Summary: There’s more to life than power, position and prestige. Find out how Joseph saw through all of this to the real meaning of his existence.
Trusted: Lessons from the Life of Joseph
Week 5: “Trusted with a Heritage”
After final song, go to Video [Word on the Street interviews asking, “How do you want to be remembered?”]
INTRO: Regardless of what you think about those answers (and there were some pretty crazy ones, eh?), it is evident that in the heart of everyone is a desire to do more than simply exist. People really want to be remembered after the grave; they want to leave a heritage.
Truth is, I’m no different. I, too, want to extend my influence beyond just the few years I have on this earth. And I bet you do as well.
To show you what I mean, I brought a couple of items with me this morning that help me in my own quest for living what I call a “beyond the horizon” kind of life. Let me show them to you briefly, okay?
First, I want to show you our family crest. Understand, however, the motivation behind this is not primarily the symbol, although I do appreciate it and understand it. What really strikes me about this crest each time I see it as it hangs in my home office is not the “what” of the crest but the “who” of the crest – the man who passed it on to me! You see, this family emblem – the symbol of our heritage – wasn’t purchased at a store or bought online at familytree.com. No, it was passed down to me by my great grandfather, Rufus Theodore Stiles, whom I named after (RT, get it?). My parents were able to bring this back from the Stiles homestead in Blue Ridge, Georgia a few years ago, and they so graciously gave it to me as a reminder of the people who passed on to me my last name. Essentially, they entrusted me with a visible witness to my heritage.
I also want to show you another symbol of my heritage that means a great deal to me: my grandfather’s Bible. We called him Pop. What a man (and funny, too)! He is the son of the man I was named after, and the father of my dad. Whenever I leaf through it or scan its pages, I’m reminded of my grandfather’s deepest passion and most valuable relationship: the one he had with God through Jesus Christ. Pop was God’s man for his family, his church, and his community. And whenever I see his Bible, that heritage jumps out at me. In fact, according to my wife, sometimes it jumps out of me, for I have been wonderfully accused on numerous occasions of what our family calls “Pop-age.” What’s “Pop-age? It’s when the traits of my grandfather – and father no doubt – start oozing out of me unknowingly and almost uncontrollably. We usually start laughing together, but inside I’m thanking God for the mystery of heritage.
You see, both these items speak to something bigger than me. They speak to a heritage or name that I have been left with: Stiles. These symbols tell of something bigger than my place (where I live), my position (what I do), my pride (what I’ve accomplished), my prestige (what I’m called) or my philosophy (what I think). They speak to my heritage. They speak to my great grandfather, RT; my grandfather, Pop; my dad, Roger. Yes, they tell me about people. For that’s what a heritage is all about – people!
TRANSITION: Similarly, the word heritage is the best word to describe how Joseph looked at his life. It really sums up how he pieced together the many different events of his existence. Take your Bible and locate Genesis 45, would you? This is the key chapter in the saga of Joseph, for it’s the missing piece to the puzzle, and links all the other chapters before and after it. We now finally understand the “why” behind all the “what.” Follow along with me as I read the first 11 verses:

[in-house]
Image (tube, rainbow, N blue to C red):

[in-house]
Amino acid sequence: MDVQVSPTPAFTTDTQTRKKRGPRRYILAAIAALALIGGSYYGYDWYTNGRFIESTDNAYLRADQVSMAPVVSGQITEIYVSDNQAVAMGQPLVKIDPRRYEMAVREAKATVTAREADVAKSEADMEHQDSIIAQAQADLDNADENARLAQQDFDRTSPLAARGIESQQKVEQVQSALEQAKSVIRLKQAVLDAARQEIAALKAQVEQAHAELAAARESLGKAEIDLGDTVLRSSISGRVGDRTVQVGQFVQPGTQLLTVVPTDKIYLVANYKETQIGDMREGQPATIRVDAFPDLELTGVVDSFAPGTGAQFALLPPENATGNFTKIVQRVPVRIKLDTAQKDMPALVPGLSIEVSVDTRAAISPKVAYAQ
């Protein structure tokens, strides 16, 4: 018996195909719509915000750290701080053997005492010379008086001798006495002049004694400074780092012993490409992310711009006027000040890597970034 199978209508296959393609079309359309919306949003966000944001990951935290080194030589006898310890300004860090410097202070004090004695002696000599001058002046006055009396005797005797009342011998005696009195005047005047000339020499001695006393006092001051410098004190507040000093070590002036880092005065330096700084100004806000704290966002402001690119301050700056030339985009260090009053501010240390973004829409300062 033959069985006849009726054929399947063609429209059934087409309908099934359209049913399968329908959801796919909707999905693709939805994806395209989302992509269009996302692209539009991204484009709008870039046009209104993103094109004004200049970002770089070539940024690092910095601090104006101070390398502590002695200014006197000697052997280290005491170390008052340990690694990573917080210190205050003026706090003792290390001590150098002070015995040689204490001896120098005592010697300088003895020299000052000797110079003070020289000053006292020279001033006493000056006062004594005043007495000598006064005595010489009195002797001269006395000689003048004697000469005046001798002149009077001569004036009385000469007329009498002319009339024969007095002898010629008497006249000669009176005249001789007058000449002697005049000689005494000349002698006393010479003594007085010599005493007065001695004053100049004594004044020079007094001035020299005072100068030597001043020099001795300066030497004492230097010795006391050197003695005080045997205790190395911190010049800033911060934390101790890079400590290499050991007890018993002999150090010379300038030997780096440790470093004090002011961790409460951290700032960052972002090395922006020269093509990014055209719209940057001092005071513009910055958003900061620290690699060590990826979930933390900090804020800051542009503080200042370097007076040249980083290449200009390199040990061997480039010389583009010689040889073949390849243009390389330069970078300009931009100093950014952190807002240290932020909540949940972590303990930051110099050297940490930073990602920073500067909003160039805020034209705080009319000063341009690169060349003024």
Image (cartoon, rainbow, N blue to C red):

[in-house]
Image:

(NOTE: I’d like to read chapters 42-44, as well as chapters 46-50, but time won’t allow. I encourage you to read these surrounding chapters to get a feel for the whole scenario of Joseph being trusted with the heritage of the Jewish nation and how he proved faithful to do exactly that!)
Then Joseph could no longer control himself before all his attendants, and he cried out, "Have everyone leave my presence!" So there was no one with Joseph when he made himself known to his brothers. And he wept so loudly that the Egyptians heard him, and Pharaoh’s household heard about it. Joseph said to his brothers, "I am Joseph! Is my father still living?" But his brothers were not able to answer him, because they were terrified at his presence. Then Joseph said to his brothers, "Come close to me." When they had done so, he said, "I am your brother Joseph, the one you sold into Egypt And now, do not be distressed and do not be angry with yourselves for selling me here, because it was to save lives that God sent me ahead of you. For two years now there has been famine in the land, and for the next five years there will not be plowing and reaping. But God sent me ahead of you to preserve for you a remnant on earth and to save your lives by a great deliverance. "So then, it was not you who sent me here, but God. He made me father to Pharaoh, lord of his entire household and ruler of all Egypt. Now hurry back to my father and say to him, ’This is what your son Joseph says: God has made me lord of all Egypt. Come down to me; don’t delay. You shall live in the region of Goshen and be near me—you, your children and grandchildren, your flocks and herds, and all you have. I will provide for you there, because five years of famine are still to come. Otherwise you and your household and all who belong to you will become destitute.’